I find that it’s a lot easier to code a tough feature while I’m working in that one particular module in the moment. Then when I want to use it somewhere else, I already have that feature made, so I don’t need to worry about coding it. It gives me creative freedom as I don’t need to stop what I’m doing to code this thing, which will bore me. For me, this is usually done by trying to keep private methods public for more flexibility.
Later, if I notice that I never used it, then I’d delete it. Or if I try to use it and it doesn’t work, I end up removing it unless it’s a simple fix!
Kind of like this:
There’s more to this, though. If you fixed a bug by using task.wait(), than it’s unreliable. A simple wait should not fix any problem. It’s better to understand precisely what is causing the issue by debugging. That’d be much more optimized, faster, and of course reliable!
Too bad! This way is prettier!
Even ForeverHD does this (TopbarPlus), but that’s not why I do.
Not going to argue about this! It has worked for me literally forever (apart from very rare cases where I use ReplicatedFirst)!
Not sure if I understood what you were trying to get at here. If you could rephrase this that would be great. Again, these are practices that are widely used across professional environments. I can’t dictate whether you like them or not.
This topic isn’t just about making certain aspects of code “prettier.” It’s mostly about the most optimal solutions. If you don’t want to use GetService, that’s not my problem.
I’m not sure if I understand what you’re saying here. I never said you should resort to using waits for fixing bugs. I said to use task.wait() instead of wait()
However, I like the choice of emojis in your reply.
Read the OP, it talks about a general standard across the programming world. Not in Roblox or Lua/luau. Besides this doesn’t name camel case as THE standard, it outlines several standards depending on what you’re naming.
Lastly, this is not an official or widely referenced thing so I’m unsure what your point even is?
He means for Roblox generally. camelCase is recommended for variables and functions while PascalCase is recommended for module names and methods.
There are numerous different naming conventions. However, camalCase is widely recognized as the generally accepted convention across the programming world.
Amazing you think he means roblox generally when that’s quite literally not what he says. And again, even in Roblox it’s not that simple. Constants are a variable, local and global variables are also obviously variables. Yet a different style is commonly used when naming each of the three.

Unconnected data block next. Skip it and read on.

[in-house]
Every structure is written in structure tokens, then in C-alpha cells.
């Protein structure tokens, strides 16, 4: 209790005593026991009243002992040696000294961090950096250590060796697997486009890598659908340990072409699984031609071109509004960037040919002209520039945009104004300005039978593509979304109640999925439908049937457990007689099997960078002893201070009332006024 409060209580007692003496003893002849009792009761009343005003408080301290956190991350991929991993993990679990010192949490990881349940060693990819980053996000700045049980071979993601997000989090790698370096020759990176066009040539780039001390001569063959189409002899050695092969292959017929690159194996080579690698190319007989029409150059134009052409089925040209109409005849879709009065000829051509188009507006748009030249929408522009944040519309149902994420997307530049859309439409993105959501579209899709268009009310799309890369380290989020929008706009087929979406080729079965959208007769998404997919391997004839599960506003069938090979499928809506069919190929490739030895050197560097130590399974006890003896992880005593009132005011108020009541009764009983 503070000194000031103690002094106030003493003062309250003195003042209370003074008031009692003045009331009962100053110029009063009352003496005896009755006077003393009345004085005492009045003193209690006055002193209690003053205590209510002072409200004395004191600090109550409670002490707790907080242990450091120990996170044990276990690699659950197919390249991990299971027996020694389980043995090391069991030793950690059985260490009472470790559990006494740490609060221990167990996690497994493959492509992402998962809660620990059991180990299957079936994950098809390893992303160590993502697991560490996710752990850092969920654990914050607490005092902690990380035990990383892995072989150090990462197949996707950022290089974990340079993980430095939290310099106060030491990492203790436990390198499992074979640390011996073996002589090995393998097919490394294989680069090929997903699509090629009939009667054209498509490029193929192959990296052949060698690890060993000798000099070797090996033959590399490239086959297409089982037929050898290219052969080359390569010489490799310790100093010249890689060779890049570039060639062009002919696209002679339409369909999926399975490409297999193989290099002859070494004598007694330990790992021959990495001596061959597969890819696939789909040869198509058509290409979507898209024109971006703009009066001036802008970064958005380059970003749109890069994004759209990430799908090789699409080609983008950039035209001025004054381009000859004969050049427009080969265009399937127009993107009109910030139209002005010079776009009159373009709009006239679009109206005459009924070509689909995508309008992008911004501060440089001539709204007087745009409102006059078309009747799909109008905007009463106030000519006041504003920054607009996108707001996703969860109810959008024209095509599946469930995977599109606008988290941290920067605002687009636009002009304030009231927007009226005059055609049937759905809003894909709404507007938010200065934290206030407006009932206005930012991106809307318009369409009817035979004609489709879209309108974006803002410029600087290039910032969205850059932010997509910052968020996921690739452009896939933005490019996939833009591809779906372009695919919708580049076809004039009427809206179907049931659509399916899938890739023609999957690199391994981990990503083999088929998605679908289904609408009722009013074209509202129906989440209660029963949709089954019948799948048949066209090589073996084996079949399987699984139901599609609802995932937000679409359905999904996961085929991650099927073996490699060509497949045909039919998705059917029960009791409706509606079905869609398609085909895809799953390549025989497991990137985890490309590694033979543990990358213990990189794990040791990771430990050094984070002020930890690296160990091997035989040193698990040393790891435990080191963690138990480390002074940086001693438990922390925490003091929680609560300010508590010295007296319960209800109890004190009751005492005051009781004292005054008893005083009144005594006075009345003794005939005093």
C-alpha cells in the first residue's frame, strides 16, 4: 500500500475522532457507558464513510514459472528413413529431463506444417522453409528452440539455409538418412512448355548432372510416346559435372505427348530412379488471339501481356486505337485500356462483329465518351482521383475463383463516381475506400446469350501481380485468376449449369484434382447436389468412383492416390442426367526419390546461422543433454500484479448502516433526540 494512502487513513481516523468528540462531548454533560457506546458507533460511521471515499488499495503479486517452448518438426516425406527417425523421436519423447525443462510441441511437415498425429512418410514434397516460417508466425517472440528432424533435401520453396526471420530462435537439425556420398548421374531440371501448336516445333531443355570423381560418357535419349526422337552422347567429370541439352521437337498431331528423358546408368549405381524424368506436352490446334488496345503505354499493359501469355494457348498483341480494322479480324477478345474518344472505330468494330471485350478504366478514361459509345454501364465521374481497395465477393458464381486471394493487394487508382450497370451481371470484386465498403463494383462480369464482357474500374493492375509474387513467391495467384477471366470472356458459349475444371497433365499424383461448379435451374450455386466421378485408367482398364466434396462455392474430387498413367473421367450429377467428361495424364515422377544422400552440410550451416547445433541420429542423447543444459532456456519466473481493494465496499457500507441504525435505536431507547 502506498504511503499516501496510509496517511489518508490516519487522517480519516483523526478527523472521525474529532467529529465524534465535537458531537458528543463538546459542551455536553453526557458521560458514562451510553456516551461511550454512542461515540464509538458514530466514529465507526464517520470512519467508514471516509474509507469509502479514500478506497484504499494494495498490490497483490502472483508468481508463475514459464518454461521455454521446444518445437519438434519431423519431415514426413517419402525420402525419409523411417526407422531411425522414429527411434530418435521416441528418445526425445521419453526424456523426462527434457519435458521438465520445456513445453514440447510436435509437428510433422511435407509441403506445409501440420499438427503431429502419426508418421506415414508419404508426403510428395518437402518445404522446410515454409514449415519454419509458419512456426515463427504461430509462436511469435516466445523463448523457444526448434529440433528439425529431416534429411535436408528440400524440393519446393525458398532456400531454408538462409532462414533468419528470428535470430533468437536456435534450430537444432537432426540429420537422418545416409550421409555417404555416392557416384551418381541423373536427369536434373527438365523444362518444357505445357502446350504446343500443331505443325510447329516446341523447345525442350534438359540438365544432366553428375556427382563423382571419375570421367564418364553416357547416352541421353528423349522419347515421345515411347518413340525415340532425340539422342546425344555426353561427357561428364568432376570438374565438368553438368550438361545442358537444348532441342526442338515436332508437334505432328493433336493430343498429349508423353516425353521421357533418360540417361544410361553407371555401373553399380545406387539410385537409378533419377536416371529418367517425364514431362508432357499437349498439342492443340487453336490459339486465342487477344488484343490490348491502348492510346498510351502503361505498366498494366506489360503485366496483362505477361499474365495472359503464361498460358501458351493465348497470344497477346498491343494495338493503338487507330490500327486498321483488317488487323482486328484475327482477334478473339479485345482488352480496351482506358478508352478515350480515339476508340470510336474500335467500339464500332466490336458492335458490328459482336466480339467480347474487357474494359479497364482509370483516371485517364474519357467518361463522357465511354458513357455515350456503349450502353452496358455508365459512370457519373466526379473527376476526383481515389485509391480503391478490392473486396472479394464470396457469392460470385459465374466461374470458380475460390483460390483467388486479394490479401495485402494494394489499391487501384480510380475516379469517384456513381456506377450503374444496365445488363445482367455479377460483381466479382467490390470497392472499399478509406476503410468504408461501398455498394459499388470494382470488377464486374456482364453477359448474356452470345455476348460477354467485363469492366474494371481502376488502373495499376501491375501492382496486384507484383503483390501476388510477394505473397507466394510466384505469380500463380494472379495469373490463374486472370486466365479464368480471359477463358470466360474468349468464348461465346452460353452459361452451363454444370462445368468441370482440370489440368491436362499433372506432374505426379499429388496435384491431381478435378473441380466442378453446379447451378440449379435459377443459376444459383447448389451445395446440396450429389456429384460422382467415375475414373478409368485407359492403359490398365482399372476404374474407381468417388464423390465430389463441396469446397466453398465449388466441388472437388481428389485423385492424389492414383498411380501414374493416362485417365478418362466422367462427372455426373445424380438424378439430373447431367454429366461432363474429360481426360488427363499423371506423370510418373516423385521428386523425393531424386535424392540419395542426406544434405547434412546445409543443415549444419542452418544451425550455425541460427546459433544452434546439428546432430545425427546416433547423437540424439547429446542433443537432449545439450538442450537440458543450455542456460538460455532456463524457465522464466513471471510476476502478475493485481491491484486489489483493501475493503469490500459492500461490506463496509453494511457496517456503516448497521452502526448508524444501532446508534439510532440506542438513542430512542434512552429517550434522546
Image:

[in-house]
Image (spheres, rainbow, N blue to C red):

Imo I don’t really like camelCase and feel as though it might be just a tad harder to read. I prefer PascalCase or snake_case because they have a bit of separation of where a word starts and ends. If I were to recommend a casing style to maybe someone who is starting out it would probably be one of the aforementioned casing styles because like I said earlier it’s just a bit easier to read in my experience. At the end of the day something like a naming convention is pretty subjective and everyone has their own style.
In terms of the other practices such as: effective naming, guard clauses, type checking, comments, etc are good practice as a whole even in other languages. Couple things I did notice were not part of the thread would be: removing unnecessary nesting, and consistent styling.
Unnecessary Nesting is a problem for many reasons but the biggest one is readability. Some games that I have worked on have been horrible in this regard and it had caused big time burnout for me, because I just never knew where anything was and it just became super time consuming.
Consistent Styling is a lot easier when you use something like a Rojo based workflow because of tools like StylLua, Selene, Luau-LSP, etc. If you aren’t using that type of workflow I believe there are some WIP projects that are going to help with this immensely.
Something relating to frameworks, while they can be very useful for keeping a good & strict structure it sometimes can hurt the project more than benefit. I couldn’t find the post by sleitnick (the person who made Knit and AeroGameFramework) but it had a lot of interesting points relating to Knit’s usefulness as a framework and something that really stuck with me from that article was talking about taking something like a car and adding wings to it. That was in relation to I think the AeroGameFramework → Knit. I can’t remember the whole thing but if you feel comfortable using a framework like Knit then you should, if you want to make a framework that is tailored to the project you should.
Overall some areas of the thread could be improved but I think that this is definitely a good resource for someone starting out on their programming journey!
You can do the same thing without using a framework. That’s what modulescripts are for. In fact, I would say frameworks such as Knit make things worse, because it requires you to code things specifically for Knit. Granted, changing the modules to work without Knit wouldn’t be too difficult, but you still would need to edit it.